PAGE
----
The Naked and Famous undressed

By David Carroll

After a year playing shows around the world and on the eve of their return to our shores, Thom Powers and Alisa Xayalith sat down for a yarn with Volume about tall poppies and living up to the hype.

The Naked and Famous have had a very big year. Photo / Supplied
The Naked and Famous have had a very big year. Photo / Supplied

"I feel privileged and a little confused as to why it's worked out for us," Thom Powers admits.

"We never really thought things would get this grand, to the scale of what it is," agrees Alisa Xayalith. "Or we didn't think it would happen for us this year!"

It's certainly been a rapid rise for The Naked and Famous. The single Young Blood went straight in at No. 1 on the New Zealand charts and earned the band a coveted Silver Scroll Award.

The debut album Passive Me, Aggressive You was also a No. 1 and the group have received six nominations at next week's New Zealand Music Awards. They've spent the past year performing shows throughout Europe and at major festivals like Reading, Leeds and Glastonbury.

They're currently in the US, where they played the Lollapalooza festival, gathering some famous fans along the way.

"I don't know of any greater achievement than when people who have inspired me say that I've inspired them," says Powers, recalling recent tweets from Mark Hoppus (Blink-182) and Danny Lohner (Nine Inch Nails, A Perfect Circle).

"I grew up listening to those bands, walking around brooding to them at high school, and here's this guy saying 'dude, it's awesome'. It's those moments you just get stopped in your tracks.

"I mean, I had my sights set on the bFM Top 10. And we did that and then it just snowballed from there. Now it's to the point where things are happening for us that we had no ambition for. Sometimes we have to work out what it is, and sometimes it's just 'whatever, let's not be too pretentious about this'. If we can reach anyone - it doesn't really matter what avenue it is - if we can convert someone to be a fan of our band then that's great."

Some in the scene here in New Zealand bandy about the term "overnight success" and there's a feeling these opportunities have come to you too easily. Do you think that's fair?

"Nah," says Powers, pointedly; "I don't know how anyone could say that."

"Sometimes it can annoy me," says Xayalith. "It reminds me how much New Zealand can be a goldfish bowl and people just get caught up in that very small town mentality."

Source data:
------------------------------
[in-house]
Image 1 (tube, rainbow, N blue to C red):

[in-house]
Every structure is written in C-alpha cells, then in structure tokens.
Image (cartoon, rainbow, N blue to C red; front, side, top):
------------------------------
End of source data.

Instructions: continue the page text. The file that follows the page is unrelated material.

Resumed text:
"The tall poppy thing in New Zealand seems kind of cute to me now, seeing how the rest of the world works," agrees Powers.

"If you want to put it in simple terms," continues Xayalith, "somebody liked our music and wanted to take it to the rest of the world. We got our big break when someone from overseas fell in love with 'Young Blood' and we got plucked out of New Zealand, and that was more than we could hope for."

Do you feel pressure to create a 'Young Blood Part Two'?

"I've always been thinking about that, and the challenge really excites me," Powers enthuses.

"And Thom's so good, so driven, he can write anywhere. He does little bits here and there every day," explains Xayalith. "We've already got a lot of songs built up and I know there are some really good ones in there."

"We've met bands who can't write on tour," says Powers, "and we're going 'wow, we're really a little further ahead here'."

Part of the reason the band has moved ahead so quickly is thanks to their crack management team.

"What happens behind the scenes is a large part of why bands get out of bed in the morning," says Powers. "Paul McKessar and Campbell Smith at CRS have helped us out in more ways than I can even remember. They're like surrogate fathers!"

"We also have a great record label," adds Xayalith. "When Fiction Records heard our album they didn't want to change anything. They knew we had a very strong vision of what we were, and they really respected that. I think that's what a lot of bands need to have these days if they want to be able to survive - they need to have a strong vision of their own."

Almost a year to the day since the band showcased their vision, performing their lauded debut album, they're returning to our shores to play at the New Zealand Music Awards and the Auckland Town Hall. What's changed in the live show since last time?

"The touring live band we've become is something I don't think we would ever have had an opportunity to become in New Zealand," says Powers, "but nothing's really changed. We're still showcasing an album that we feel very confident about and proud of.

"I remember going to see my favourite bands and hearing the songs in all their glory, and it just felt like such a privilege and such a pleasure," he explains. "You had this expectation of wanting to hear your favourite songs, and your expectation gets blown away because it's just so f**king loud!"

* The Naked and Famous play the Vodafone New Zealand Music Awards on November 3 and the Auckland Town Hall on November 4.

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